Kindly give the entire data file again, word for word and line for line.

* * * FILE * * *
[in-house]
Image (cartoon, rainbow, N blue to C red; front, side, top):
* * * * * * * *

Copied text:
[in-house]
Image (cartoon, rainbow, N blue to C red; front, side, top):